Propulsion System, Design, Tried & Trusty Preferred in USCG New Sentinels

By George Backwell at May 26, 2012 22:30
Filed Under: General

The United States Coast Guard (USCG) ‘Sentinel-class Fast Response Cutter’ Bernard C. Webber,  was commissioned recently in the Port of Miami, the first in a new class of cutters from the Louisiana-based Bollinger Shipyards. Part of the USCG’s Deepwater programme, the Webber will based in Miami to conduct migrant and contraband interdiction missions throughout the Caribbean Sea and Gulf of Mexico; the Coastguard chose a tried and tusty propulsiion system and a well-proven ship design fot these new patrol boats.

Sentinel-class Propulsion System

The Sentinel Class is powered by two 20-cylinder MTU marine diesel engines with a patrol boat or light duty rating well in excess of 4,300 kW at 2,100 rpm driving twin propellors through ZF Marine 23560C transmissions. A bow thrust gives 75 kW power for manoeuvring.

ZF Marine 23560C Transmission Unit: Photo credit ZF Marine

Interestingly, ZF Marine has a long record of providing the USCG with propulsion machinery, and apparently their first transmissions were installed in the 110 ft ‘Island Class’ patrol vessels back in 1985. Today more than two-hundred cutters are sailing with ZF transmissions aboard.

ZF say their Marine Service organisation recently completed a five year re-manufacturing program with the USCG to rebuild and return to active service BW 755-1 and BW-1500 model marine transmissions, some of which have over 30,000 operating hours and still serve actively today.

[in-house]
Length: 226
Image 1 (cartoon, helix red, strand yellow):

USCG Fast Response Cutter Bernard C. Webber

The Sentinel-class is a USCG ‘parent craft’ design of the Damen Shipyard’s Stan 4708 patrol vessel which in one form or another is currently used by coastguard and navies on an international scale. The USCG coined the term ‘parent craft design’ to describe their choice of this, a well-proven ship design that had successfully performed equivalent missions. By choosing this route they aim to speed up delivery of new cutters presently on order in the programme as replacements for an extremely elderly fleet that faces increased demands for maritime safety and security patrols.

Fast Response Cutter 'Bernard C. Webber': Photo credit USCG

The Sentinel-class contract with the Bollinger Shipyard is for eight patrol boats (with options for more) like the Webber, 154 feet in length, capable of speeds in excess of 28 knots, armed with one stabilised, remotely operated 25 mm chain gun and four crew-served .50 caliber machine guns.  The design includes a stern ramp for launching short-range prosecutor (SRP) rigid-hull inflatable boats.

The cutters are required to perform independently with a crew of 24 on board for a minimum of 5 days at sea, and to be underway for 2,500 hours per year; reason enough to go for the tried and trusty.

 

 

 

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